Language and identity at an Indian orphanage
Two days ago, on a windy, foggy Saturday evening near New Delhi, I accompanied my mother to an orphanage where she volunteers. The orphanage is run by an Ashram, and takes in mostly orphans, and some children who have impoverished single parents (generally mothers). The children (all Bengali boys) hail from desperately poor backgrounds, and are mostly between the ages of 6 and 8. There are about 26 children who live at the orphanage at this time, and this number changes frequently because many of the single parents want the children to return home and start contributing to the family’s finances (child labor, as is widely reported, continues to be a menace to Indian society, regardless of the laws that prohibit it). The Ashram administrators counsel parents extensively, trying to convince them that education will ensure the best future for their children; however, these measures don’t always succeed, and so the numbers at the orphanage tend to fluctuate quite a bit.
My experience there was humbling and exhilarating at the same time; when we first walked in, we heard joyous shouts of “Happy New Year!” The boys were sitting in front of the Kali temple, dressed in traditional Bengali garb of white dhotis and cotton shawls which were somewhat tattered and dirty. Their unwashed, scruffy faces lit up with joy as they scrambled to find their notebooks. They then settled down and sang devotional songs in Sankrit for the next hour, their voices loud and strong, their Bengali accents just slightly tingeing their Sanskrit, and they occasionally cast curious glances in my direction. Next, my mother introduced me, and then the boys spoke to me about their lives, speaking in Hindi and Bengali, and also proceeded to show off their skills in English. When I asked them what languages they knew apart from Bengali and Hindi, a few said they spoke Bhojpuri or Rajasthani as well, and some children volunteered that they had developed a language to speak in amongst themselves, and they then proceeded to speak very rapidly in this invented language.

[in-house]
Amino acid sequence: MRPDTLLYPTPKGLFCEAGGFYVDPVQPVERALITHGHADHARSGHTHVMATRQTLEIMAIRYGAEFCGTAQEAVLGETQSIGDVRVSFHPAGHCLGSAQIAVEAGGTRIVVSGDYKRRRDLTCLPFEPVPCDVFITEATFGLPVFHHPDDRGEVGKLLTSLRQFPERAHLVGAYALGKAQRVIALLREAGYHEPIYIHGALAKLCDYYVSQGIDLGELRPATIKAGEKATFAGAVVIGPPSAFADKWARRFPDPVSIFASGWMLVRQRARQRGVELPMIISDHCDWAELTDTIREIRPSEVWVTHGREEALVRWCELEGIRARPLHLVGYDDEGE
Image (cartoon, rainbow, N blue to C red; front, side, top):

When I left that day, my heart was full and my mind caught in a tempest of questions…(for a picture, click here.)
Yesterday, when I returned there, a multilingual chorus of voices greeted me: “Didi eshe geche!” (Elder sister is here!-Bengali), “Aa gayee na didi!” (She has come, no!-Hindi), and “Good evening!” They finished their evening prayers in Sanskrit, then sat around and talked to me for a while. At one point, they demanded my mother tell them a story, and I said, why don’t you tell us a story? And then one child, Sanjeev, volunteered the following story:
In a village, a little Bengali boy’s mother sends him to the city to learn English. Many years later, the boy learns English and comes back to the village. Then, his mother serves him food. As the boy is eating, he starts choking, and starts screaming ‘Water! Water!” in English. Not understanding, his mother doesn’t bring him water, and the son dies.
This story was greeted with loud guffaws by the other kids, who had obviously heard the story before. I was amazed by the story, thinking, wow, this is such a personal story for these kids…this story speaks to their own-and others’-uneasiness with English, to the fears of mothers about their children losing their own linguistic identities and paying a high price for learning English (a language that must, in this story, be learnt at the cost of one’s own), and the of urban India/rural India divide that seems to cut through the lives of these children…As I walked away that day, this story stayed with me…the relationship multilingual India has to English is a complex one, one well worth researching…I can’t wait to come back and do that some day.